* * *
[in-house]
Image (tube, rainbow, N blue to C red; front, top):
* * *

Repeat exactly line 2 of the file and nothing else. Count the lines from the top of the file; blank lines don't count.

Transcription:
Image (tube, rainbow, N blue to C red; front, top):